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Lecture Note Sketches Hermann Riecke - ESAM Home Page

Why is this method called ‘Steepest Descent’? ρ(t) = φ(t) + iψ(t) is an analytic function of t ≡ u + iv. It therefore satisfies the Cauchy- Riemann conditions ∂φ ∂ψ ∂φ = = −∂ψ ∂u ∂v ∂v ∂u Consider (u, v) as a two-dimensional vector. One can then write � � ∂f ∂f , = ∇f ∂u ∂v One then gets ∇φ · ∇ψ = ∂φ ∂ψ ∂u ∂u ∂φ ∂ψ + ∂v ∂v Lines of constant ψ are orthogonal to ∇ψ ∇φ is orthogonal to ∇ψ ⎫ ⎬ ⎭ ∂φ ∂ψ = ∂u ∂u + � − ∂ψ � ∂φ ∂u ∂u = 0 ⇒ ψ = const. � ∇φ Since ∇φ gives the direction of steepest ascent, going away from a maximum along lines ψ = const. amounts to going in the direction of steepest descent. 2.5.1 Saddle Points So far the maxima were at the end of the contours. Consider now local maxima of φ in the interior of the integration interval. For analytic ρ = φ + iψ the functions φ and ψ are harmonic ∆φ = 0 ∆ψ = 0 They cannot take on maxima or minima in the interior of a bounded domain. At the maxima of φ along the lines of constant ψ one has dψ ds = 0 and dφ ds = 0 ⇒ dρ ds = 0 ⇒ ρ′ = 0 By Cauchy-Riemann all directional derivatives of ψ and φ vanish ⇒ the maxima of φ along the lines of constant ψ are saddles in the complex plane. At a saddle multiple lines of constant ψ intersect. Example: Saddle point of e xt2 ρ(t) = t 2 = (u + iv) 2 = u 2 − v 2 + 2iuv and ρ ′ (t) = 2t = 2u + i2v The only saddle point is The steepest paths are given by uv = 0: u = 0 ρ = −v 2 v = 0 ρ = +u 2 ρ ′ = 0 u = 0 = v 68 steepest descent steepest ascent

Example: Behavior near the saddle point of e x(sinht−t) near t = 0 At t = 0 we have ρ = sinh t − t = 0 ρ ′ = cosh t − 1 = 0 ρ ′′ = sinh t = 0 ρ ′′′ = cosh t = 1 Thus, also the second derivative vanishes, but not third one (third-order saddle point). Steepest paths ρ = sinh (u + iv) − u − iv = sinh u cosv + i cosh u sinv − u − iv cosh u sinv − v = 0 ⇔ v = 0 or u = cosh −1 � v � sin v The second condition defines two lines because cosh −1 is double-valued. Up Down Up π v Up Figure 11: Saddle of e x(sinht−t) . Down u Down Example: I(x) = � 1 0 e−4xt2 cos (5xt − xt 3 )dt for large x This is not a Laplace integral because x appears also in the cosine. i) Try nevertheless to argue that integral dominated by small values of t because of the exponential. One would get � ∞ I(x) ∼ 0 e −4xt2 dt = 1 � π 2 4x wrong But: exponential has decayed only for t > x −1 2 ⇒ xt ∼ x 1 2 → ∞ and argument of cos is large and the rapid oscillations of the cos lead to substantial cancellation. ii) For t = O(x−1 2) the second term in the cos is small: xt3 = O(x−1 2) ⇒ tempting to ignore that term. Then � 1 I(x) ∼ e −4xt2 � ∞ cos (5xt) dt ∼ e −4xt2 cos (5xt) dt = = 1 2 = 1 2 0 0 � +∞ e −∞ −4xt2 � +∞ +5ixt 1 dt = e 2 −∞ −4x(t−5 8i)2 − 25 16x dt = � π 4x e−25 16x wrong 69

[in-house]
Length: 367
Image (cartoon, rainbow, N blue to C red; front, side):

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Lecture Note Sketches Perturbation

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4 Fronts and Their Interaction 87 4

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References [1] P. Coullet, C. Elphi

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1.1.1 The Mathieu Equation Consider

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• case δ1 = + 1 2 � � 1 ü2

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• we can assume from the start th

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1.1.2 Floquet Theory In the discuss

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• it is also convenient to introd

- Page 17 and 18: Goal: determine α(δ, ǫ). For a r
- Page 19 and 20: Forcing Strength ε 1 0.5 0 -0.5 n=
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- Page 23 and 24: O(ǫ): with Note: y0(ψ, T) = R(T)
- Page 25 and 26: i.e. Now the nonlinear problem: Fix
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- Page 29 and 30: Since L is singular we expect that
- Page 31 and 32: • using the other left 0-eigenvec
- Page 33 and 34: Thus, m = n + 1 or αmn = 0 Alterna
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- Page 37 and 38: • Non-resonant forcing does not i
- Page 39 and 40: with O(1) forcing (cf. in Sec.1.2.1
- Page 41 and 42: Thus, if ∆ > 0 both solutions R2
- Page 43 and 44: Here we can get an integral express
- Page 45 and 46: which diverge at the upper limit fo
- Page 47 and 48: as in the case a > 0. But: now the
- Page 49 and 50: • if the integration by parts lea
- Page 51 and 52: First consider maximum at the lower
- Page 53 and 54: Is this series for I(x; ǫ) asympto
- Page 55 and 56: • since we kept only the first no
- Page 57 and 58: It looks like a case for Watson’s
- Page 59 and 60: Extend integration to (−∞, +∞
- Page 61 and 62: Bound the integral term ���
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- Page 65 and 66: using � ∞ 0 e−u ln u du = γ
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- Page 73 and 74: Write xρ = (X + iY ) ρ ≡ Φ + i
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- Page 95 and 96: Analogously for x > xm: 0 = ǫ∂Tx
- Page 97 and 98: - L = 0 corresponds to a pure gas p